To welcome the attendees, a panel of scholars spoke about East and Central European communities and Jewish migrants in Canada. Dr. Marcia Ostashewski gave attendees a glimpse into the experiences of Ukrainian, Polish and Black communities on the island, with more similarities than differences amongst them. Dr Randall Schnoor provided insight into the experiences of other Jewish communities, beginning in small towns and moving into larger city centres. Knowing that no collection of objects will accurately depict life on the island for every individual within the community, photographs and auditory media were selected to provide an insight into particular events and experience cultural environments in Sydney, Englishtown, New Waterford and Glace Bay as experienced by present and past members of the Jewish community. Additionally, these media were left unlabelled to encourage dialogue between gallery visitors from the island. While no single member of the community knew the names and stories of each person photographed, collectively members were able to identify, and discuss the lives and relations of those photographed.
Photo 1: Former residents discuss a photo at the Gales Gallery
Rather than overcome the challenges of multi-sited ethnography, my aim as a researcher was to use media to work with these obstacles. Even with ample time to research the particulars of events that occurred and precisely where events took place, I hypothesised that it would be more productive to ask these questions of the participants, ostensibly crowdsourcing the research to create collaborative oral histories. Invited attendees were simultaneously interviewees, many of which were recorded with a handheld camcorder or audio device. Recording visitors provided sensorial information and cultural associations to photos that could not be included otherwise. These recordings emphasize the thingness of the senses: rooting cultural experience in sensory experience. As Harris and Guillemin write, “the researcher should be methodologically attuned to the senses and the complex ways that the sensory is tangled with other forms of experience and ways of knowing (Mason & Davies; Pink).” (2011, pp692)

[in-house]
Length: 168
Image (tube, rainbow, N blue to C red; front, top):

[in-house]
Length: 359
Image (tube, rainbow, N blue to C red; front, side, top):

Photo 2: Visitors to the gallery listen to Sound Maps
The exhibition space held many different kinds of media. As one entered the room, the first thing one could engage with were sound maps, with headphones dangling off the walls for listening. The maps themselves tell common stories of the island: as British, as Irish, as Scottish, as a uniquely enchanting part of the Canadian landscape. But listening to the recordings told a very different story. Each marker, a little red iPod not unlike the red place mark on Google Maps, played a series of interviews, CBC broadcasts that feature members of the Jewish community, their cultural and musical activities, and some sound recordings I made in commonly visited areas of Sydney.
The photos were from Shirley Chernin’s collection held at the Beaton Institute. They were left unmarked, so that community members can identify people, places and buildings freely. The photos were meant to trigger memories and act as conversation starters. The majority of these materials are from Glace Bay. I started with materials I was most familiar with, it seemed to me that it would be unfair to curate using materials that belonged to people I do not know personally. And so this exhibit was an invitation those with their own collections to get involved. The exhibit was an invitation for former members to react to the sights and sounds of their lives and their families’ experiences on the Island. The web portal Diversity Cape Breton encourages members of the Jewish community to contribute to a living archive, and help preserve their rich cultural heritage.